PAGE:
With anger raging over immigrant children being separated from their parents, we thought we’d share our experiences in trying to answer the question: How are those youngsters being fed?
We thought the answer could be pertinent to the heated debate, or even possibly a salve. Were mealtimes a comfort to the bewildered kids being packed into tent cities and repurposed department stores? Were the feeding operations seizing an opportunity to ensure the youngsters’ nutritional needs were being met, an aim that might have been shortchanged before families were split? Was there a tiny positive to a situation that’s broken the world’s heart?
We wish we could say yea or nay, but the silence choreographed to keep journalists out of the know was extended to us, too. The pertinent agencies of the federal government would not even reveal who’s doing the feeding—a surprising outcome, given how responsive those agencies usually are. A check of the most likely providers, including the big contract feeders, revealed nothing, either.
The closest we could come was stumbling across news reports that at least some of the centers were run by a nonprofit group called Southwest Key Programs, which is operating under contracts worth a reported $955 million.
But a visit to Southwest Key’s webpage found a notice the organization had shut down its site “due to the high volume of website traffic.” In its place was a temporary site that provided this statement:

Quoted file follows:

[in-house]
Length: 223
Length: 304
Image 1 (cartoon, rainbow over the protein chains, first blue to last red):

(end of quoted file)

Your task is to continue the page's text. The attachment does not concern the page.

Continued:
"Southwest Key Programs does not support separating families at the border. For 30 years, our work in offering youth justice alternatives, immigrant children's shelters, and education has served to improve the lives of thousands of young people. We believe keeping families together is better for the children, parents and our communities, and we remain committed to providing compassionate care and reunification. For every child who has come through our shelter doors, we start on day one to reunite them with their parents or a family sponsor and to provide the kind of service that will help them thrive. This has been our priority for decades."
However, when we asked to speak to them about the facilities’ foodservice operations, here’s the response we received: “Thank you for contacting the HHS’ Administration for Children and Families. This is to acknowledge that we have received your inquiry.”
In our world, this is extraordinary. So is our reaction. We intend to focus even harder on learning how the children are being fed. But if you can help us in that quest, we’d welcome the information. Please drop me a note at firstname.lastname@example.org.
Photo courtesy of iStock